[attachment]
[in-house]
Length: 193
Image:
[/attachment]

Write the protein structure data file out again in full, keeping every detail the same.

[in-house]
Length: 193
Image: